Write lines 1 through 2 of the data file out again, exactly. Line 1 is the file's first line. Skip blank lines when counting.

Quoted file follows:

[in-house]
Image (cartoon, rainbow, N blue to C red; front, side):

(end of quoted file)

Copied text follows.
[in-house]
Image (cartoon, rainbow, N blue to C red; front, side):